Background: Ethnicity is an important dimension in many aspects of psychosis.
Objective: To investigate ethnic differences in the primary care management of patients with psychosis.
Methods: Data were obtained from Lambeth DataNet, a database of computerized general practice case records derived from practices in an inner city London borough. We undertook a cross-sectional survey of patients with psychosis.
Outcome measures: health screening, chronic disease management and prescribing data and differences between ethnic groups were expressed as odds ratios (ORs).
Results: One thousand six hundred and ninety-four of 165,911 (1.02%) registered patients had a diagnosis of psychosis; 1090 (64%) had ethnicity recorded; 501 were White and 403 were Black or Black British. There were no significant ethnic differences for blood pressure, cholesterol or HbA1c monitoring or control; cervical or mammography screening; treatment with hypotensives, statins, antidepressants, lithium, antipsychotics or atypical antipsychotics. Depot injectable antipsychotics were more likely to be prescribed to Black patients than other delivery modes: OR 2.10 (95% CI: 1.20-3.67).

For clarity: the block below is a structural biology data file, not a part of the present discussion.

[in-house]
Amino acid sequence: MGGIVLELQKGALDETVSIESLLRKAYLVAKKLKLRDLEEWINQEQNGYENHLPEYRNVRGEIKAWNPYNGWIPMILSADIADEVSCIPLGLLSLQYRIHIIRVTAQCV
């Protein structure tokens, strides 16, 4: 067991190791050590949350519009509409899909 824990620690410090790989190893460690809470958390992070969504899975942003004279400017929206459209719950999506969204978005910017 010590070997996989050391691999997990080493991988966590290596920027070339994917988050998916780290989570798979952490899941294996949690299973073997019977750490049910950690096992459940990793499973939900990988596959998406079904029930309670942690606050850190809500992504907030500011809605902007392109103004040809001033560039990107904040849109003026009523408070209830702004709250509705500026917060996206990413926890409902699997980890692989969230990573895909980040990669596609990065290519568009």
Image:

Conclusions: Measurable aspects of physical health care of patients with psychosis were similar, regardless of ethnicity. Increased use of the depot antipsychotic medication in black patients needs further exploration.